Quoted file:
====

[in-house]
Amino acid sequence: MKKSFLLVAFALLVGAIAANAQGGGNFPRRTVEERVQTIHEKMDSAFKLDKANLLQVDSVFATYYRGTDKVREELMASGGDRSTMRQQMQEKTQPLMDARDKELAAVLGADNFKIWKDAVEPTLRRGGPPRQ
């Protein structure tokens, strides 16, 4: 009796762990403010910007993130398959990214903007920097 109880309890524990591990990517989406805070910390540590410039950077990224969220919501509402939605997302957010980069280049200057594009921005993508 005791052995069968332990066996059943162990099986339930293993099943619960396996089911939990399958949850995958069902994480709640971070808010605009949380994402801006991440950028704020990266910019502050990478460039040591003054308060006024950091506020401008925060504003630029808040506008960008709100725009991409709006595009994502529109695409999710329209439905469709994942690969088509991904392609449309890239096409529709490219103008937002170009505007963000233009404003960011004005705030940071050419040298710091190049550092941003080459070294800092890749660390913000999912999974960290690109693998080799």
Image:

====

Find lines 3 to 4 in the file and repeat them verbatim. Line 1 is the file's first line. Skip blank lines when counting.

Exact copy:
């Protein structure tokens, strides 16, 4: 009796762990403010910007993130398959990214903007920097 109880309890524990591990990517989406805070910390540590410039950077990224969220919501509402939605997302957010980069280049200057594009921005993508 005791052995069968332990066996059943162990099986339930293993099943619960396996089911939990399958949850995958069902994480709640971070808010605009949380994402801006991440950028704020990266910019502050990478460039040591003054308060006024950091506020401008925060504003630029808040506008960008709100725009991409709006595009994502529109695409999710329209439905469709994942690969088509991904392609449309890239096409529709490219103008937002170009505007963000233009404003960011004005705030940071050419040298710091190049550092941003080459070294800092890749660390913000999912999974960290690109693998080799």
Image: